The number of deaths attributable to any given EHE is generally calculated using statistical estimates of expected and excess mortality (Henderson et al., 2021). Under ideal circumstances, the number of excess deaths estimated for an EHE would be consistent with the number of deaths in provincial and national vital statistics records with an ICD-10 code of X30 or T67 during the same period. Furthermore, there would be perfect agreement between the EHE deaths identified by vital statistics, probabilistic methods, and enhanced surveillance when multiple approaches are available.
This case study highlights the value of having vital statistics records with the X30 code while demonstrating that different approaches to attributing individual EHE mortality produce somewhat discordant results. We found that 102 of 353 individual deaths were attributed by at least one of three approaches, and approximately 50 of these deaths were excess based on statistical estimates. There were 36 deaths with an X30 code, 49 attributed by the probabilistic method, and 58 identified through enhanced surveillance. The overlap between two or more approaches was limited to 32 deaths, and 70 were only identified by a single approach. We also found discrepancies in the types of deaths identified by the probabilistic and enhanced surveillance approaches, suggesting that both may have missed some important indicators of deaths due to EHE.
Each approach has strengths and limitations. It is critically important to have appropriate ICD-10 codes reflected in national vital statistics records so that deaths due to EHE can be identified in the same way as deaths due to most other causes in Canada. However, cause of death information is subject to significant delays in vital statistics data and cannot facilitate the near-real-time analyses possible with the probabilistic and enhanced surveillance methods described here. The ideal future state may combine these types of approaches to ensure that rapid assessments are possible, and that vital statistics records appropriately reflect individual deaths due to EHE.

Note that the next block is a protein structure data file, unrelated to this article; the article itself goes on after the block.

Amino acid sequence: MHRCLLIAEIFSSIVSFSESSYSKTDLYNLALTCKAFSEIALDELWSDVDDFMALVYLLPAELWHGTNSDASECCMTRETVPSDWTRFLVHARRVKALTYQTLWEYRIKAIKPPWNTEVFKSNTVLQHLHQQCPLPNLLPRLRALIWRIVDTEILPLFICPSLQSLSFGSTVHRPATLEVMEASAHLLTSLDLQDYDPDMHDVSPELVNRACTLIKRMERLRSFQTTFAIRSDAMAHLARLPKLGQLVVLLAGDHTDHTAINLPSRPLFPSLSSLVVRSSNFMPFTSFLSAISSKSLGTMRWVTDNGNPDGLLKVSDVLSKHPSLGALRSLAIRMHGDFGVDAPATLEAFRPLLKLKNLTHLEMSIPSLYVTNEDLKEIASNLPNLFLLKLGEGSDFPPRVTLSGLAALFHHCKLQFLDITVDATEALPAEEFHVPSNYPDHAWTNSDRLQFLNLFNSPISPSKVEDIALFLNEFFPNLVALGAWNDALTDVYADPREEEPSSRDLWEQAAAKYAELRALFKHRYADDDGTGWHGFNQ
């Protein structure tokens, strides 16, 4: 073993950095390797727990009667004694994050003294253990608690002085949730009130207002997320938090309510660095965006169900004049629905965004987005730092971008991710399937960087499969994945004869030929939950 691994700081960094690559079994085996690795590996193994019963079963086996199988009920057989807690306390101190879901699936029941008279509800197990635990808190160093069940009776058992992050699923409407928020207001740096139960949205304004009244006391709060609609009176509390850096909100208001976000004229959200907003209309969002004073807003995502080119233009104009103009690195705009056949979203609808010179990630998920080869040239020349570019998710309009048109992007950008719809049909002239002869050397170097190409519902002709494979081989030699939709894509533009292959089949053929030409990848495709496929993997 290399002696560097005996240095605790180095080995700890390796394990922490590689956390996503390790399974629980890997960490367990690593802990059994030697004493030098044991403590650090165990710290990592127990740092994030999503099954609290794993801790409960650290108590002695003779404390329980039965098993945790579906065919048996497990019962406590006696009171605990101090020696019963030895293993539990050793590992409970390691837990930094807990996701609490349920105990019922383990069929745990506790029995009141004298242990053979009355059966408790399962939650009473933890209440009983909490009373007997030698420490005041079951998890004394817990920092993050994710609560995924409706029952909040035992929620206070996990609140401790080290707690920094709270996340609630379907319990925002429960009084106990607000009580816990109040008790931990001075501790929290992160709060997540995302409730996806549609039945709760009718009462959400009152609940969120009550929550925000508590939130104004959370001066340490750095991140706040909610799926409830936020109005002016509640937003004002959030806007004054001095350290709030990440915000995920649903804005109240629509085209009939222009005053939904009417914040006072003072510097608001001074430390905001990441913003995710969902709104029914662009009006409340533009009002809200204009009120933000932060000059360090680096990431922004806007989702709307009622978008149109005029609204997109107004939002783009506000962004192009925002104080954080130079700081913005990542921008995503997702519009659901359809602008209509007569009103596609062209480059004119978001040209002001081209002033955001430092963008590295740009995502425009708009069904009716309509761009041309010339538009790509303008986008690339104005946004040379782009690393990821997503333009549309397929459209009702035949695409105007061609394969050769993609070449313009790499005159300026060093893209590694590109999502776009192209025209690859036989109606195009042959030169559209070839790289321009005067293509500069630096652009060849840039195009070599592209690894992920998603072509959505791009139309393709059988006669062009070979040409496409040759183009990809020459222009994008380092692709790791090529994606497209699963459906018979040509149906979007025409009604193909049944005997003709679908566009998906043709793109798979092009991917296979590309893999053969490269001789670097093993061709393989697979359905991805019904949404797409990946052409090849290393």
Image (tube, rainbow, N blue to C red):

The experience in BC during the 2021 heat dome provides a framework on which a more systematic future approach could be modelled. Early in the event, the BC Coroners Service (BCCS) sent a reminder to clinicians that any death with extreme heat as a possible contributor should be reported for investigation. Soon after the event, the BCCDC estimated 740 excess deaths during the EHE (Henderson et al., 2021) and conducted epidemiologic analyses on the deaths most likely due to the extreme heat (Henderson et al., 2022). Since then, BCCS, BC Vital Statistics, and BCCDC have worked together to ensure that the mortality impacts of the EHE are well understood and that most deaths will be appropriately attributed. To date, the BCCS has confirmed at least 619 heat-related deaths that will be recorded with X30 or T67 in the provincial vital statistics data (BC Coroners Service, 2022).
More generally, Environment and Climate Change Canada provides hot weather notifications across the country. Such notifications could be used to trigger regional public health reminders for clinicians and coroners to consider the role of high temperatures in any deaths they attend. If heat may have been a causal or contributing factor, noting it on the certificate of death creates the opportunity for future review and appropriate attribution. A death simply cannot be coded as X30 or T67 by vital statistics agencies unless this information is included on the certificate of death they receive. Coroners, clinicians, public health, vital statistics, and other agencies could then work together after the event to review specific cases, especially those where the role of heat is less clear. This type of systematic and cooperative approach would facilitate improved understanding of EHE and the burden of mortality, risk factors, and potentially effective interventions in Canada.